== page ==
“Where is the child that you loved?”

I’ve sung the praises of Heather Havrilesky on this blog before: the agony columnist for New York’s The Cut is an interesting, insightful, compassionate and sometimes uncomfortable read.

This week, she responds to a parent who’s deeply upset that her child is non-binary. The parent writes:

My darling girl, my only child, is now a “they,” with a very masculine appearance, and a new life that is unfamiliar to all I know. I felt lost, bewildered, and deeply sad when they came out, and I have not been able to recover. What makes it all so much worse is that I feel extremely guilty about my sadness, and afraid that any acknowledgment of it, even inadvertently, will immediately label me a transphobe, which I am not.

It’s a long letter, and the response is even longer. As often happens with Havrilesky’s columns, it doesn’t go where it first appears to be going.

You want what you want. It’s not logical. You want your girl.

I want to give you the space to want that. That doesn’t mean, “Hey, call your kid and tell them that you want them to be a girl again.” But you need space. Sometimes in life we want things that we can’t exactly justify or defend. We’re embarrassed by things that we can’t explain, and it’s even more embarrassing to realize that. We want to be better than we are. We want to rise above our bizarre, irrational desires, but it feels impossible. I have empathy for that.

I have empathy for it and I also want to scold you a little.

I have a lot of sympathy for the parents of trans and non-binary people, to the point where I can understand the fury and denial that leads some of them to excommunicate their family members and even become anti-trans activists (my understanding does not mean approval, of course: some people weaponise their own hurt and cause devastating harm to others).

But while I appreciate that it’s incredibly hard for them, it’s even harder for their children.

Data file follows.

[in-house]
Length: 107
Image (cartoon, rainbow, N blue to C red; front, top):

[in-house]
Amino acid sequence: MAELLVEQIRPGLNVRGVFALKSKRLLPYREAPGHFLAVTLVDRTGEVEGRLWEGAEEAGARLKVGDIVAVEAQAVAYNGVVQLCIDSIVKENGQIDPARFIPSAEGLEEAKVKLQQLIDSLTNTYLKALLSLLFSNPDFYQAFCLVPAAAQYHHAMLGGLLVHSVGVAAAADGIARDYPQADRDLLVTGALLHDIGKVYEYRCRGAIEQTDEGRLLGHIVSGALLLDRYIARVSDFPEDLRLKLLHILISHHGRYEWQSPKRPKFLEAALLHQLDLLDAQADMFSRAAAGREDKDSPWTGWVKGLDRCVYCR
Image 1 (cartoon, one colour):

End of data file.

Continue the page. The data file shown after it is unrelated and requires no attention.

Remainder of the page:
And what’s already incredibly hard is made much worse if their own parents don’t accept them. According to the charity The Trevor Project:

LGB youth who come from highly rejecting families are 8.4 times as likely to have attempted suicide as LGB peers who reported no or low levels of family rejection.

Another study, of trans and gender non-conforming people specifically, reported attempted suicide rates of 33% for those with supportive families and 57% for those without.

Multiple studies show that the difference between LGBT+ people’s suicide, self-harm and substance misuse rates doesn’t appear to be because they’re LGBT+; it’s the way the world, and their family in particular, treats them.


Where is the child that you loved? Are they gone the second they take off the princess dress? How do they feel, underneath their carefree words, when you seem unable to move forward with them? How do they feel about how much you love who they really are, underneath the princess dress?

…Part of what you shared with them and taught them lives in their current choices. Their strength is a reflection of your past together. Their independence is an echo of what you taught them.

I don’t know if I agree with everything Havrilesky writes here, but I’d recommend reading the whole thing: it’s a really fascinating column that makes some interesting and thought-provoking arguments.

You need to try to slowly move away from this place of shock and sadness and start to recognize how thoughtful your child is, and how hard they’ve worked not to look away from this world, in all of its pain and its disappointments. You need to realize that their independence is an echo of yours.